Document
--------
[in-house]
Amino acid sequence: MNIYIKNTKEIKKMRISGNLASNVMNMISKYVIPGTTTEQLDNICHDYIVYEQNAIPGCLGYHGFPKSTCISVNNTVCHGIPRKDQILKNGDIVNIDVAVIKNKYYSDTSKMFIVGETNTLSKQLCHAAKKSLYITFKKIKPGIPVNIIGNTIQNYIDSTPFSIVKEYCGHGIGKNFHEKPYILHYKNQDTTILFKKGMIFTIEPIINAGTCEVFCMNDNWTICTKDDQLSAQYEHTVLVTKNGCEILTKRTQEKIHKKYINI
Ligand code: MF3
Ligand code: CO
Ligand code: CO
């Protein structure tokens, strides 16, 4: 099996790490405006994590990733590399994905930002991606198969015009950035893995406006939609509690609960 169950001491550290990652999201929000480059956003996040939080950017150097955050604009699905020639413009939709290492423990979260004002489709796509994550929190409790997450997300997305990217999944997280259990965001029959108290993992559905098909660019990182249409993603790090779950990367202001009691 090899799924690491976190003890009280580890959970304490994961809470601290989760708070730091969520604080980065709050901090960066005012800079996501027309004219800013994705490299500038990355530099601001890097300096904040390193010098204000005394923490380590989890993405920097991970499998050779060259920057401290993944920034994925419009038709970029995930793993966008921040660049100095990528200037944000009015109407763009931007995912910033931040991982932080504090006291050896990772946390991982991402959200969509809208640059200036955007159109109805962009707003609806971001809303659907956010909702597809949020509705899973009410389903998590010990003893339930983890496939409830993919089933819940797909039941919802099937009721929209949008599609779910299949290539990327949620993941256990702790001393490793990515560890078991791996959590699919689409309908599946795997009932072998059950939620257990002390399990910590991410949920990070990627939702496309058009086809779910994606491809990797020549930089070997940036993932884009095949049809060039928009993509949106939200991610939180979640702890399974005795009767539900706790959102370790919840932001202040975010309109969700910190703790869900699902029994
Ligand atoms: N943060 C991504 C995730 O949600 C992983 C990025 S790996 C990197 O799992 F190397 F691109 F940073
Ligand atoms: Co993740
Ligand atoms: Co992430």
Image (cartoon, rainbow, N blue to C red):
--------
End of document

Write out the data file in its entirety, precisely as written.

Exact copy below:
[in-house]
Amino acid sequence: MNIYIKNTKEIKKMRISGNLASNVMNMISKYVIPGTTTEQLDNICHDYIVYEQNAIPGCLGYHGFPKSTCISVNNTVCHGIPRKDQILKNGDIVNIDVAVIKNKYYSDTSKMFIVGETNTLSKQLCHAAKKSLYITFKKIKPGIPVNIIGNTIQNYIDSTPFSIVKEYCGHGIGKNFHEKPYILHYKNQDTTILFKKGMIFTIEPIINAGTCEVFCMNDNWTICTKDDQLSAQYEHTVLVTKNGCEILTKRTQEKIHKKYINI
Ligand code: MF3
Ligand code: CO
Ligand code: CO
């Protein structure tokens, strides 16, 4: 099996790490405006994590990733590399994905930002991606198969015009950035893995406006939609509690609960 169950001491550290990652999201929000480059956003996040939080950017150097955050604009699905020639413009939709290492423990979260004002489709796509994550929190409790997450997300997305990217999944997280259990965001029959108290993992559905098909660019990182249409993603790090779950990367202001009691 090899799924690491976190003890009280580890959970304490994961809470601290989760708070730091969520604080980065709050901090960066005012800079996501027309004219800013994705490299500038990355530099601001890097300096904040390193010098204000005394923490380590989890993405920097991970499998050779060259920057401290993944920034994925419009038709970029995930793993966008921040660049100095990528200037944000009015109407763009931007995912910033931040991982932080504090006291050896990772946390991982991402959200969509809208640059200036955007159109109805962009707003609806971001809303659907956010909702597809949020509705899973009410389903998590010990003893339930983890496939409830993919089933819940797909039941919802099937009721929209949008599609779910299949290539990327949620993941256990702790001393490793990515560890078991791996959590699919689409309908599946795997009932072998059950939620257990002390399990910590991410949920990070990627939702496309058009086809779910994606491809990797020549930089070997940036993932884009095949049809060039928009993509949106939200991610939180979640702890399974005795009767539900706790959102370790919840932001202040975010309109969700910190703790869900699902029994
Ligand atoms: N943060 C991504 C995730 O949600 C992983 C990025 S790996 C990197 O799992 F190397 F691109 F940073
Ligand atoms: Co993740
Ligand atoms: Co992430």
Image (cartoon, rainbow, N blue to C red):